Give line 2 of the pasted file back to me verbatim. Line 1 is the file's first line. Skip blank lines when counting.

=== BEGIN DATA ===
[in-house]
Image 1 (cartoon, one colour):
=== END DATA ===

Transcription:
Image 1 (cartoon, one colour):